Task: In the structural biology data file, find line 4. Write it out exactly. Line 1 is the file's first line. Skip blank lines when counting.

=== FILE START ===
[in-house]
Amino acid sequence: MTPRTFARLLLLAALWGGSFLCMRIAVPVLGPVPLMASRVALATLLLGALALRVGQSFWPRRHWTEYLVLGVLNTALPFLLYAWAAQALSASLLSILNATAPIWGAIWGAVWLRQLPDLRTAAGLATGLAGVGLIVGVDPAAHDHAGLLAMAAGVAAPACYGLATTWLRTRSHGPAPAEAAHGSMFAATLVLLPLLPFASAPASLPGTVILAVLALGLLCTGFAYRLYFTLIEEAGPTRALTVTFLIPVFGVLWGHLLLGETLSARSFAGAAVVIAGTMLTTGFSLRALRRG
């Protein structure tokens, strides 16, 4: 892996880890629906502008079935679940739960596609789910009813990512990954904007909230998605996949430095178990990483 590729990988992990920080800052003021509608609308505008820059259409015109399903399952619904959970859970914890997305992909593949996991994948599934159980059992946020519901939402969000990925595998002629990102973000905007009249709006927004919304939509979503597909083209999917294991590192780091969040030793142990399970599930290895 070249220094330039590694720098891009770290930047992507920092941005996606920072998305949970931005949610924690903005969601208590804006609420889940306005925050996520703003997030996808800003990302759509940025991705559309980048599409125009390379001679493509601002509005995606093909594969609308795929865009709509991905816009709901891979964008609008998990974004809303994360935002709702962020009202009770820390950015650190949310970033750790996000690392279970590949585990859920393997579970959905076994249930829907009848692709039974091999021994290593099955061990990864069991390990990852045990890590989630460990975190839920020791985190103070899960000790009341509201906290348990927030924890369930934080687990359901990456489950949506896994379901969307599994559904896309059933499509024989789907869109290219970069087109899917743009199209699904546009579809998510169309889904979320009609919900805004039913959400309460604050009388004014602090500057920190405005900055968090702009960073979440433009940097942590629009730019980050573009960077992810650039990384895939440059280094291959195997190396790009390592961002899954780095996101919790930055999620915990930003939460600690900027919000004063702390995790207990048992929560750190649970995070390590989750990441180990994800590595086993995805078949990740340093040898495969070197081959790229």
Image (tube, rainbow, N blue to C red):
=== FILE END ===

Image (tube, rainbow, N blue to C red):